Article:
Together these markets make up a huge demand for horticultural produce. But the demand is differentiated. The standard, regular demand for green vegetables (covo/rape), onions and tomatoes is well serviced and sometimes results in gluts due to over-supply, but there is an increasing demand for specialist vegetables – such as butternut squashes and so on. Some crops have high value in wider markets (including export) and contractors may come and make deals with producers. In our sites in Chikombedzi, for example, contracted garlic and chilli growing takes place, while in Mvurwi, linking to major production on Forrester Farm, there are contracts for peas and beans.
All this activity gives rise to many business opportunities. Most are small, informal businesses, with limited capitalisation, but they all generate employment for people based particularly in small towns near the horticulture production sites. Every small town has a number of new businesses that have emerged directly as a result of linkages with the growth in farm production, particularly after land reform. This is the ‘hidden middle’ of the post-land reform rural economic scenario.
The following activities within this ‘hidden middle’ have been identified during the research (in no particular order):
Transport — Moving perishable crops to markets is essential and the investment in one tonne trucks has been massive. Sometimes farmers buy them to transport their own crops, in other cases transporters ferry crops from a number of farmers. Motorbikes, donkey carts, push carts and every other form of transport are used to ferry crops to markets and collection points in a timely way.
Borehole drilling companies and well digging — While many new horticulture farmers have made use of small dams, ponds and rivers to irrigate from, this is not always possible. Others prefer to have their valuable horticulture produce nearer the home and this means getting new water supplies. Borehole drilling companies have sprung up everywhere. They offer a simple service including a survey and some test drills using a basic rig. If water is found they can drill and install a borehole with a pump. More traditional well diggers (using spades and dynamite) are also always in demand and many, many wells have been dug since land reform to irrigate areas.
Irrigation equipment suppliers — In many towns these days agricultural supplies shop stock basic pumps and plastic piping. These range from the low-cost units that have become so popular to more powerful versions. These days, with the declining costs of solar panels, solar installations for pumping are now available at reasonable costs. A vital bit of equipment, seen gracing so many homes these days, is the JoJo water storage tank. These too are supplied by dealers in most towns.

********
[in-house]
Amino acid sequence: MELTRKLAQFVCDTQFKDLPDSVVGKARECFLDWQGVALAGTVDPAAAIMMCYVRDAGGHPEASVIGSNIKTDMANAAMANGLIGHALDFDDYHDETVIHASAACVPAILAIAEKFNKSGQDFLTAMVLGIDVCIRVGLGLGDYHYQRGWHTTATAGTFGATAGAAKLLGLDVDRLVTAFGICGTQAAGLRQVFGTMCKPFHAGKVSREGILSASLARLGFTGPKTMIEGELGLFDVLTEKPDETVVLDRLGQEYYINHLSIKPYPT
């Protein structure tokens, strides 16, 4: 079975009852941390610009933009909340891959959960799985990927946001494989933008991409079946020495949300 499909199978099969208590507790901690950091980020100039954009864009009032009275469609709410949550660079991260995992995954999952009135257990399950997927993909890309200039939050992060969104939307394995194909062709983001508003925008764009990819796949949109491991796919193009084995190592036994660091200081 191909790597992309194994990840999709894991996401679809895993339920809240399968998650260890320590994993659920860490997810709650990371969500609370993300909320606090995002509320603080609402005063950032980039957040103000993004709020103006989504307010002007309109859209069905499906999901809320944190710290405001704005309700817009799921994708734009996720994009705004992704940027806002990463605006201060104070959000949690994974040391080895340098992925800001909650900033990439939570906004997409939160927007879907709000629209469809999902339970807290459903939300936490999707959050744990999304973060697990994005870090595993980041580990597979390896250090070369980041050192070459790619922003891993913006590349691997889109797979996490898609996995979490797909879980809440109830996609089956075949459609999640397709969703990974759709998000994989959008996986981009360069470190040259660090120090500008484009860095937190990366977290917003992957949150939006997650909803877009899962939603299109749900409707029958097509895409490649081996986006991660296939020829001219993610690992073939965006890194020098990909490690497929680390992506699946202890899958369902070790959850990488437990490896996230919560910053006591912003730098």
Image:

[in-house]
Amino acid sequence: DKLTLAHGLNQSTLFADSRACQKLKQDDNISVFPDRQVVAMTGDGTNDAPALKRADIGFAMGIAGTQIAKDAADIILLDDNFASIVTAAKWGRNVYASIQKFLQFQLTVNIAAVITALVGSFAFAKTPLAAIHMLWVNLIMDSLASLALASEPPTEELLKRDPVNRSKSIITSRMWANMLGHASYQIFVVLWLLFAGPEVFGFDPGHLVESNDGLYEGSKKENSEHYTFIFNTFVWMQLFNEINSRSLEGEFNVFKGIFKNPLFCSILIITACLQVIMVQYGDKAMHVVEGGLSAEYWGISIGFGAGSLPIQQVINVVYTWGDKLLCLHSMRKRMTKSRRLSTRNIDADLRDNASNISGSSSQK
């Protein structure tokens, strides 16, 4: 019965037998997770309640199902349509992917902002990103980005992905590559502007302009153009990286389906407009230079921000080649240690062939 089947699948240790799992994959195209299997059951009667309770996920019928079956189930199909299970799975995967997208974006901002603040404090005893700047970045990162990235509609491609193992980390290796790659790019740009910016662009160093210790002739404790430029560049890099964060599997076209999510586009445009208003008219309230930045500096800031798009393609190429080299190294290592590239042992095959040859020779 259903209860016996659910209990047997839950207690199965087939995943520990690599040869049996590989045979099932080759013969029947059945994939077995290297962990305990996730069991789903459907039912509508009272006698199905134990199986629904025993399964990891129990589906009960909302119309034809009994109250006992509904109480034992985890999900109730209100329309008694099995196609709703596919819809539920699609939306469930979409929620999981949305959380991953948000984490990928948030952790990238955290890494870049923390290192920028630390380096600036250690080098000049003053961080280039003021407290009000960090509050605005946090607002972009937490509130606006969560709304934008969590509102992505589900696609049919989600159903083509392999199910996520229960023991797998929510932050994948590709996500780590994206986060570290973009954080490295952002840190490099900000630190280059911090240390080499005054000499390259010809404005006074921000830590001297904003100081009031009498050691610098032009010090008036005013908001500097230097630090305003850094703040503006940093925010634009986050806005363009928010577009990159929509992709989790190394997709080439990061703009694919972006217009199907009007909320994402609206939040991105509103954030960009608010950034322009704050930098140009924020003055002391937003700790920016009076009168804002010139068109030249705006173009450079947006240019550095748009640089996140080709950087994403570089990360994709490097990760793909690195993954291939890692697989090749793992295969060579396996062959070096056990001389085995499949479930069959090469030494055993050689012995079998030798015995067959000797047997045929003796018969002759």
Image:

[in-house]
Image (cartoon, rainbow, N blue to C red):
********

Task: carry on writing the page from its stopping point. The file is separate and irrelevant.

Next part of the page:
Artisans — All this new equipment requires servicing and repair. Unlike the stranded pump in the NGO garden project, today there are lots of people who can install, fix equipment as well as service it. Electricians, builders, welders and mechanics are able to set up boreholes, pumps, tanks and so on. Such people also are always in demand for repairing or even building transport equipment, whether cars or trucks or the more traditional donkey cart or push cart. In small towns and even in rural areas, workshops exist with skilled artisans often employing a few people.
Fuel supply — With the expansion of petrol and diesel pumps, there has been growing demand for fuel to keep the pumps going. Decentralised networks of suppliers linked to urban suppliers have sprung up to supply fuel, even in the remotest rural area.
The ubiquitous mobile phone and mobile money payments system is vital for horticultural business. Connecting to a transporter, a contractor, a supermarket or other buyer can be done quickly and efficiently, with payments following. For perishable products, time is of the essence, and the level of connectivity these days makes many things possible that weren’t in the past. Those who sell internet bundles, repair and sell phones or facilitate eco-cash payments are essential to the overall value web.